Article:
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    Owned several shotguns, at least a dozen. I hunt upland birds with a 870 Special Field that only has 21" barrel with a "English" no pistol grip stock. Hunted with it about 20 years now and a pistol grip on a quail/pheasant gun now feels out of place.
    Ease of handling and pointablility seems to work good for me.
    I would think a pistol grip like on a AK would be a real hindrance on a bird gun.
     
  7. enfield

    enfield Member

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    An 18 inch Mossberg was the best shotgun I ever used for pheasants in heavy cover.
     
  8. Carl N. Brown

    Carl N. Brown Member

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    Put up some cardboard with outlines of game animal
    (quail, squirrel, rabbit, whatever) and shoot some patterns
    at normal hunting distances with a 18" or 20" cylinder/
    improved cylinder HD (home defense) or police "riot" gun.
    I think you might be surprised.
    Modern ammo with plastic wads tends to pattern a lot
    tighter than most folks expect from an 18" or 20" cylinder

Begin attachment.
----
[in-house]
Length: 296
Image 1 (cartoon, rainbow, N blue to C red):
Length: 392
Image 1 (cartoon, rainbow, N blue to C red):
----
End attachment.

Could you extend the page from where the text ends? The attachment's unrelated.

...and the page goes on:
bore barrel.
     
  9. ArmedBear

    ArmedBear Member

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    OAL and weight matters.

    A 21" 870 is 41.5" long and weighs about 7 lb.

    A 26" Winchester Select Deluxe Field O/U is 43" long and weighs about 7 lb.

    Pretty similar, and they'd have pretty similar handling in the field.

    Remember that a receiver gun is about 3-4" longer than a double gun.

    Long guns = natural smoothe swing, slower to the shoulder, get hung up in brush, good on almost all moving targets
    Short guns = little or no inherent swing, quick pointing, easy carrying in brush, good only on rising targets

    If you're shooting fast-rising birds flying away from you, in the brush, a shorter and lighter gun will probably net you more birds in the pot.

    If you're shooting birds passing you going right or left, in relatively open space, a longer and heavier gun will probably net you more birds in the pot.

    That doesn't mean you CAN'T hit a crosser with a short gun, just that you probably won't hit 'em as often.